"The Psychic Investigator," by Janice Law, in Alfred Hitchcock's Mystery Magazine, December
I believe in full disclosure, which in the case of this blog means that you deserve to know if I might have some reason to favor a story other than its quality.
In this case it is a triple threat. Not only is Janice Law a friend of mine, and a fellow blogger at SleuthSayers, but I can also claim a tiny bit of credit for this story existing at all. I was the one who suggested to Janice that she do something she had never done before: write more than one story about a character. I think this is the fourth in this series, although I might be off.
And what a wonderful character she is. Madame Selina is a spiritualist in New York City in the years after the Civil War, when quite a number of people long to speak to their dead loved ones. Madame is assisted by Aurelius, the former emperor of Rome who allegedly speaks to her in trances, and by Nip Tompkins, formerly of the orphan's home, who assists with clouds of smoke and other special effects when the emperor proves unreliable.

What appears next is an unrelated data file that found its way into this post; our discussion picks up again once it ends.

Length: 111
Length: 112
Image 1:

In this adventure, a psychic investigator has arrive din the Big Apple and is making good money by revealing the tricks used by so-called mediums. Madame Selina, no shrinking violet, applies the challenge direct, publishing an open letter thanking the professor on behalf of the true psychics for revealing their fraudulent competition. She knows this will bring the man to her parlor. Now she needs young Nip to find a weakness she can use...
"The mind needs little helps," explains Madame Selina. And by hook or by crook she will provide them, and catch the bad guy in the process.